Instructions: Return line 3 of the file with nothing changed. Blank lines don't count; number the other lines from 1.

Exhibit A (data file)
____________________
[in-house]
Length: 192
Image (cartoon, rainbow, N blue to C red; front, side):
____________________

Image (cartoon, rainbow, N blue to C red; front, side):